OOIDA member weighs in on California town's truck parking problem

By Greg Grisolano, Land Line staff writer | Tuesday, October 08, 2013

A California town is debating what to do about truck and trailer parking in its community.

OOIDA Member Shirley Van Cleave and her husband, Charles, of Jurupa Valley, are owner-operators with a single tractor-trailer rig that they use to haul specialty cargo. She said she can see both sides of the issue. On the one hand, they were among the first residents in their neighborhood to join in a petition against another neighbor who was parking 14 dump trucks on a half-acre lot in the residential community.

On the other hand, as truckers, she said she and her husband’s business has been “picked on and pushed around” by city code enforcers for parking their single vehicle in front of their property.

“I can understand why they wouldn’t want a dump truck company or a flatbed company running out of a half-acre piece of land out in the middle of a housing district,” Van Cleave said in an interview with “Land Line Now.”

“But us that are owner-operators, we do our best to abide (by state laws on idling/noise reduction).”

The issues came to a head on Oct. 3, when the city council held a four-hour meeting to discuss a proposed truck ordinance.

“(The neighbor) had 14 dump trucks in a half-acre lot,” she said. “We were not happy campers. We were first in line when our neighbors came to us and said do you mind if we complain. I really understood where they were at.”

Van Cleave said she and her husband were recently issued a $700 ticket for illegally parking in front of their own home when her husband pulled into the driveway to pick her up and take her to dinner.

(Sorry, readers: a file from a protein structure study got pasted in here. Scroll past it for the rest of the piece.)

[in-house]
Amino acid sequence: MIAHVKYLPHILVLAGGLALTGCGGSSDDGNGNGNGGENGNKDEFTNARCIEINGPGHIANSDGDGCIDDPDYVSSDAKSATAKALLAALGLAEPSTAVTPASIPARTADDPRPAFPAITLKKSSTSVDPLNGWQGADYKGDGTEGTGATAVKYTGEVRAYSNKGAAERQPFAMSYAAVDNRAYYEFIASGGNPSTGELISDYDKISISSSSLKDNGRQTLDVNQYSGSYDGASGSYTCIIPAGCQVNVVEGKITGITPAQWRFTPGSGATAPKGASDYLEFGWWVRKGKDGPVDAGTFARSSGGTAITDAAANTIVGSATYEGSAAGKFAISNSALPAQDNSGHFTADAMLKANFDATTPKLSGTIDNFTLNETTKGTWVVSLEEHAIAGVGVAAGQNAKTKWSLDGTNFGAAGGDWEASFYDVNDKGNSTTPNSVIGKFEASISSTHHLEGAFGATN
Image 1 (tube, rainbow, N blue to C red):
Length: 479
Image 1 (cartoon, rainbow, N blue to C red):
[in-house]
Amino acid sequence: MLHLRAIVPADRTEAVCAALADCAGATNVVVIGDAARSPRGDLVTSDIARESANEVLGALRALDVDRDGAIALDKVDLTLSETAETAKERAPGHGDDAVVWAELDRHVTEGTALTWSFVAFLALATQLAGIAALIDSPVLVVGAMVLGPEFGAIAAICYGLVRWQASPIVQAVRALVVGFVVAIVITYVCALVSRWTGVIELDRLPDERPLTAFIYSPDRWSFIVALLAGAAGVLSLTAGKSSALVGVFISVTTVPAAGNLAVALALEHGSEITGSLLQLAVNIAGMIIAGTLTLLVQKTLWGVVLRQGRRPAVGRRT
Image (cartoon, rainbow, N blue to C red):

“They wanted to say, ‘No you can’t bring your tractor home, no you can’t bring anything home,’ but it’s the only place we have,” she said.

Even though the truck was running, the couple still got a parking ticket. Van Cleave said she sent the money in along with a letter to the judge explaining the situation.

“I didn’t get an apology from the woman, but at least we got our money back,” she said.

Following Thursday’s meeting, the city council reportedly directed assistant city manager George Wentz to draft a new proposal on the issue, according to a report in The Press Enterprise. Wentz could not be reached for comment Thursday.

Van Cleave said she left Thursday’s meeting feeling like the council has made some movement to recognize that “truckers are people.”

“We’re just people making a living,” she said. “We’re proud of the fact that what we do is a necessary part of the American economy.”

“Land Line Now” News Anchor Reed Black contributed to this report.

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